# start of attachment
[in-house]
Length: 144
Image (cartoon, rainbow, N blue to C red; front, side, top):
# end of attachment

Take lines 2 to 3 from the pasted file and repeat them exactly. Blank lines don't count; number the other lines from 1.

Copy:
Length: 144
Image (cartoon, rainbow, N blue to C red; front, side, top):